Fee Disclosures and 401(k) Investment Allocations
When the US Department of Labor required retirement plans to make the fees and returns on investment options more accessible, many savers switched to cheaper funds.
At the beginning of 2012, the US Department of Labor (DOL) required fiduciaries of 401(k) retirement plans to provide plan participants with an accessible presentation of the annual fees and returns of each investment option in their plan. Though this information had long been publicly available, it was often difficult to find, as it was reported in fund prospectuses or regulatory filings.
In Out of Sight No More? The Effect of Fee Disclosures on 401(k) Investment Allocations (NBER Working Paper ), , , , and show that in response to the increased clarity of these presentations, many retirement plan participants have switched their retirement investments to cheaper funds.
The researchers collected information on the complete set of investment options offered by a large sample of 401(k) plans from Form 5500 filings required by the DOL from 2010 through 2013. They compared how plan participants allocated their retirement money among the funds in each plan for the two years before and after the regulatory change. They matched the mutual funds offered in these retirement plans with entries in the CRSP Survivor-Bias-Free US Mutual Fund Database to obtain information on net asset values and fees. They restricted their sample to plans with at least three and no more than 100 investment options. Each year of the sample contained nearly 1,400 plans.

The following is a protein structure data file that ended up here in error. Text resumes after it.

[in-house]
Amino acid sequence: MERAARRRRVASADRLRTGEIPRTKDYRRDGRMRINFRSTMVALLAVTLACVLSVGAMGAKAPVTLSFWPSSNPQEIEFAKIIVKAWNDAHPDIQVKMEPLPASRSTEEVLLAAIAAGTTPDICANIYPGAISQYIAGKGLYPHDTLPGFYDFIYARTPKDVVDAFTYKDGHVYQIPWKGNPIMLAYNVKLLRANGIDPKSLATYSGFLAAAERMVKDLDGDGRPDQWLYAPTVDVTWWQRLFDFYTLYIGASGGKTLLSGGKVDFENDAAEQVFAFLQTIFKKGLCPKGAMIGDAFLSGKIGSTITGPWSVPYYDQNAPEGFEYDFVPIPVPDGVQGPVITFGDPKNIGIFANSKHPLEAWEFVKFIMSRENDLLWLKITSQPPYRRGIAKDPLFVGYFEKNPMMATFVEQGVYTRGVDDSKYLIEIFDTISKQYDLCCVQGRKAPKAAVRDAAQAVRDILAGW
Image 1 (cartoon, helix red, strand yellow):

By 2013, the sample of retirement plans included about 18 million participants who together had $1.3 trillion in retirement assets, roughly a third of the total 401(k) assets in the United States. The average plan had $799 million in assets and 13,000 participants. The average participant’s account was worth $77,200; the average contribution was about $4,600 per year. In general, plans averaged 21 investment options, 18 of which were on the menu for at least two consecutive years. About half of the investment options in the sample were domestic equity funds.
The average annual fee across all funds in all plans in the sample was 0.57 percent. It ranged from 0.16 percent in the 1st percentile to 1.05 percent in the 99th percentile. To study how retirement plan participants changed their investment allocations, the researchers measured the investment flows in and out of plan investment options. They found funds with a one-standard-deviation lower average expense ratio — 0.36 percentage points — experienced a 0.17 percentage point per year increase in plan allocation. To place this in perspective, the median fund’s share of assets in a retirement plan is 2.9 percent. Funds with a one-standard-deviation higher fee had an 8 percent higher probability of experiencing outflows, as investors actively moved money away.
Participants had the option to purchase employer stock with zero fees in 66 percent of the sample plans. In general, they allocated 15.4 percent of plan assets to employer stock in plans with this option. After the reform, participants reallocated funds toward employer stock when the investment options in a plan were relatively expensive and when one-year performance of company stock was relatively high.
— Linda Gorman